Magazine article Newsweek International

Globalism's Human Face

Magazine article Newsweek International

Globalism's Human Face

Article excerpt

Employment is the first step out of poverty. It's at the core of economic development and social stability.--Juan O. Somavia

A former Chilean ambassador to the United Nations, Juan O. Somavia took office earlier this month as the new director-general of the International Labor Organization. A U.N.-affiliated body dating from 1946, the ILO was awarded the Nobel Peace Prize in 1969, its heyday. More recently, critics have taken to dismissing the ILO as ineffectual and even moribund. Whatever the merits of such claims, Somavia may be the right man to inject fresh energy into the organization. Many diplomats and foreign-policy experts consider him the "brains" behind the 1995 Copenhagen Social Summit, at which nearly 100 heads of state-- the largest gathering ever of world leaders--pledged to alleviate global poverty and joblessness. Currently, Somavia is preparing a five- year review of the summit, due out in 2000. He talked with NEWSWEEK's Pranay Gupte recently at the World Economic Forum's annual meeting in Davos, Switzerland. Excerpts:

GUPTE: Is the Social Summit still relevant?

SOMAVIA: Globalization has created victors and victims. There is a growing feeling that the world economy is like a pillar that needs to be strengthened carefully, with special emphasis on social development. It is described as putting a human face on the global economy. And that was precisely the message of the 1995 Social Summit. The summit concentrated on three core issues: poverty, unemployment and social disintegration. And obviously employment is the first step out of poverty and the first step away from social disintegration. So in terms of the message of the summit, employment was at the core of it. The trickle-down theory is not working.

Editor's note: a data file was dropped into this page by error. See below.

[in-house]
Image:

You are now preparing a five-year review of the Social Summit. What are your findings?

The Social Summit did two things. It confirmed the conventional wisdom of the 1980s, in the sense of saying we need open societies and open economies with private-led capital development. We need economic stability, low inflation and the liberalization of trade. The summit stressed the importance of the information revolution. It also said that the benefits of globalization were not being distributed in an adequate way--that consequently we run the risk that the notions of open societies and democracy and open markets begin to lose legitimacy because [the benefits] aren't reaching enough people.

It's become fashionable to promote the private sector as the engine of development. What about the role of government?

To solve some of the problems of globalization, we need to re-evaluate state institutions. There mustn't be too much government interference in economic affairs. …

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